What does the knowledge of God’s promises do for you? Do you trick yourself into thinking you are experiencing God when really you are only watching others take joy in Him? Are you living with shame, wondering why Jesus isn’t “working for you” and blaming others for your unhappiness? Like David, when you humbly acknowledge that God has forgiven your sin and chosen you to fulfill His purpose, celebration follows! Instead of trying to force God and others to work for you, ask God to choose you for His purpose!
“For consider your calling, brothers: not many of you were wise according to worldly standards, not many were powerful, not many were of noble birth. But God chose what is foolish in the world to shame the wise; God chose what is weak in the world to shame the strong; God chose what is low and despised in the world, even things that are not, to bring to nothing things that are, so that no human being might boast in the presence of God. And because of him you are in Christ Jesus, who became to us wisdom from God, righteousness and sanctification and redemption, so that, as it is written, “Let the one who boasts, boast in the Lord.” – 1 Corinthians 1:25-31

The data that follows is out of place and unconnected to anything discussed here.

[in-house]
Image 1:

So I’m going to ask you what others asked me before my salvation. Where’s your joy? If you don’t know, I urge you to keep asking, praying and learning until you find out what this means. Are you merely observing the joy that others find in the Lord while you stand by the window watching? Or are you on the ground dancing like a fool around God’s precious box of promises that He meant for you? Window or box?
This is where I left you with the last post.
I did some experimenting with the stain I had on hand, and let Nate choose. Keep in mind, it’s kind of hard to take a small swatch and imagine it all over the doors of your house.
This is the one he liked best. I was surprised he like the red so much, but I trust his designer’s eye.
These are all of the boxes I have to stain.
These are the two stains I used. This will be the future stain on the exterior doors and garage door.
Follow the wood grain with your strokes. I applied the red Gunstock first.
Then streaked in the Mahogany gel stain and blended.
I only stained the inside lip a few inches. The inside will be covered with a lining.
And after a significant amount of time and care not to smudge my hard work before it dried, I have a completed stained pile of boxes.